Amongst all those identifying themselves as ‘working in the field of Global Health’, there seems to be at least one agreed-upon-statement.
“The world is changing faster than ever”.
Quite objective, very bold, and undeniably true.
However, logically, the follow-up question/statement would be regarding what to do about it.
“What to do with this change? How to handle, or use it?”
This is where the objectivity ends. Or to put it in contemporary terms, this is where polarization begins.
Let’s say you aren’t currently reading this blog, let’s say you were, for example, a delegate at the 72th World Health Assembly (WHA) in Geneva (20-28 May) – which I was fortunate to attend.
Odds are high that, concerning the question in the beginning, the answer for many of you would be something like:
“We need to explore new ways to deliver and align programs, with new partnerships and new technologies, in order to face these challenges ahead of us”.
As a WHA delegate, chances are you won’t be as critical of the overall WHA process & governance as we (global health and other) students may be (and even are expected to be) during the majority of our academic endeavors, as you have very different aims. Indeed, as a participant in the WHA game, you have a position to fulfill, a role to play and more often than not, an agenda to push for. As many of you have inside knowledge of this game and setting, after several years of participating, perhaps, you have some serious doubts concerning the rules of the game and you would be eager to express some of your critical thoughts about the position of the players or the size of the board; others might not have them at all. The point is: instead of bringing these reflections to the table, you will focus on your strategies on how to be successful in your role. Instead of coming up with some criticism (of the governance/process), you will work on your diplomatic skills and come up with a powerful talk full of innovation and charisma. And instead of being too overly critical, you will probably not go too much against the current ‘mainstream discourse’, as it doesn’t help you in the role you’re supposed to play at the WHA.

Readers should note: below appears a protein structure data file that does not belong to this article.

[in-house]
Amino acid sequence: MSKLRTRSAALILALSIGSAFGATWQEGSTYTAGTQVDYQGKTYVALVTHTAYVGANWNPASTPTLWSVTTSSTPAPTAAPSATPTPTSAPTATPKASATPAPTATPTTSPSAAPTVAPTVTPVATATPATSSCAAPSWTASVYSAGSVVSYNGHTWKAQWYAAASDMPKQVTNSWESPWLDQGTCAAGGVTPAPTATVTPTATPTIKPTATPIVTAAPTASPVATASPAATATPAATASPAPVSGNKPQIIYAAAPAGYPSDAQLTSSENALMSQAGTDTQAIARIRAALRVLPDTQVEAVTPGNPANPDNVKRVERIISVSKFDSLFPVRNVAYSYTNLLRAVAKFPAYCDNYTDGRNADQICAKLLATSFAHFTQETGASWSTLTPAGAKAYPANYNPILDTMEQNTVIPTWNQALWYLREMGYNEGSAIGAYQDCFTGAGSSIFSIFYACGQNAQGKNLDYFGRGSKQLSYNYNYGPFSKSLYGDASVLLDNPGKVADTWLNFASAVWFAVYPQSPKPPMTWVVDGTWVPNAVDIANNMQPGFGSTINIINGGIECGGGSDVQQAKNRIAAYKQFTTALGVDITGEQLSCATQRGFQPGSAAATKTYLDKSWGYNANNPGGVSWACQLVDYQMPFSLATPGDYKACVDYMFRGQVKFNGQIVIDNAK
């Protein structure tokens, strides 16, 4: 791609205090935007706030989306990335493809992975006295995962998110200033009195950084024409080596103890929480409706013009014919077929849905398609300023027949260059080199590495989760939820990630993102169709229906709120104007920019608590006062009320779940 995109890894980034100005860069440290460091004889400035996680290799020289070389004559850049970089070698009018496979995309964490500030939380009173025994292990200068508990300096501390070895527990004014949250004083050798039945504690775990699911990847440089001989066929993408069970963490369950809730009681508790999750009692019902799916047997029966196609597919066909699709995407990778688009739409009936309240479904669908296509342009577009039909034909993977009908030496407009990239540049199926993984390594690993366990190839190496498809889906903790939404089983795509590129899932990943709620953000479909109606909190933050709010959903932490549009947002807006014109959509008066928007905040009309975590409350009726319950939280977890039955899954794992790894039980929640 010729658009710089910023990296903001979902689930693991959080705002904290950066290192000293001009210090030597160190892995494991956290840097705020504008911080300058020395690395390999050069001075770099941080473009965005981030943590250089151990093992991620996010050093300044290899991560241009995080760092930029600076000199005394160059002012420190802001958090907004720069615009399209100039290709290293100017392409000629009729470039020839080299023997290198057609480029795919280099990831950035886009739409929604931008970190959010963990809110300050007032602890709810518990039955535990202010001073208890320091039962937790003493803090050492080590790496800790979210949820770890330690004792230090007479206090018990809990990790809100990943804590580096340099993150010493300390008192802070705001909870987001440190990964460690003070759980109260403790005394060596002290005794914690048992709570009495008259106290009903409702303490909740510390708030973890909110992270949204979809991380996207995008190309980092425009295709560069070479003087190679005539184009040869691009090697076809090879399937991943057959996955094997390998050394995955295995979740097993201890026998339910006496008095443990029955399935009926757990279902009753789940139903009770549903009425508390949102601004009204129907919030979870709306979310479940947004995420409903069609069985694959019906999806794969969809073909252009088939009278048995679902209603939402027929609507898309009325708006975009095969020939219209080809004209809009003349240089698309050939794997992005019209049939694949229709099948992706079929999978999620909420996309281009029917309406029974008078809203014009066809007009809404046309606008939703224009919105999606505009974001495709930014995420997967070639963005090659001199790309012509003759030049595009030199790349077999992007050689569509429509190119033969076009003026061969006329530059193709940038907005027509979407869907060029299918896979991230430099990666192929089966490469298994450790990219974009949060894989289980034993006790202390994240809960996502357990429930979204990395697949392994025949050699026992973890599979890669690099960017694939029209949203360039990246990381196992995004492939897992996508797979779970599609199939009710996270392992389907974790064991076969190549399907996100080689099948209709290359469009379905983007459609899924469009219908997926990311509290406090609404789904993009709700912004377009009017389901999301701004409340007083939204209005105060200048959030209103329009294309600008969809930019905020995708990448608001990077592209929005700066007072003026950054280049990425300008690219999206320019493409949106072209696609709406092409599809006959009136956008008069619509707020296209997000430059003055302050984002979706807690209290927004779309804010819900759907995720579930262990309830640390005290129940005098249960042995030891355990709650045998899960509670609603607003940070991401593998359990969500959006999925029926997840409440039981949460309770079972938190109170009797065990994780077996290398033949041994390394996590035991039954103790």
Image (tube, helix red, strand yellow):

Now, go back to being a blog reader. What changed? Well, you are (now) an observer rather than an insider and thus are granted the freedom of being as critical as you want to be. This is, in a way, exactly the position I was fulfilling when in Geneva last month, as I was given the opportunity to join the 72th WHA and thus hear many of its attendees give their versions of the above posed answer statement first-hand.
So after a week of listening to the huge variety of delegates, and on my way back from the Assembly (while watching the beauty of the Swiss Alps through my bus window), my (increasingly critical) mind wandered off freely in a number of directions. It was working overtime, actually, in spite of the stunning backdrop.
Highs & lows of my first WHA
Let’s make up the balance of my first WHA visit.
For sure, there was a part of me feeling highly grateful I was granted this experience so soon in my career and for the many inspiring people I met and the new connections I was able to make. I knew I was just introduced to a world where Global Health decisions are made at the highest level so my future-thinking-networking-part felt very content, definitely. However, there was this other part, and I realized that this part was about mý own position in it all. Till this point, I had considered myself as a proud representative of what has been called the ‘Global Health attitude’, that is our deep commitment to health as a fundamental quality of liberty and equity. As for many of the conversations I held as a student in Global Health over the past months, I had always been eager to defend my belief in a world where health policies are shaped in a democratic, just and transparent manner, centered around the right to health. In essence, I went to Geneva as an advocate for democratic Global Health governance, driven by a deeply rooted optimistic mindset. I’m standing too early in my career to be cynical, perhaps. After my first WHA participation, this essential part of me was feeling all but content, instead it was feeling disheartened and frustrated and confused.
I realized how witnessing the WHA showed me a truth I was very well aware of (as it has been covered in classes for example, and I’ve read about it before), but I had never really seen it happening so clearly in front of me, out in the bold blank open. The WHA slammed me in the face with the undeniable fact that we are indeed living in a world were power imbalances are as present in Global Health governance as they are in every other form of negotiations around the world. The whole experience screamed to me how the world of Global Health is (still) run by powerful voices with both health ánd in many cases – perhaps even more importantly – non-health interests. Interests that are then getting blurred in the process of speaking a ‘universal’ UN-language, which – due to the search for ‘consensus’ – more often than not ends up in the lowest common denominator.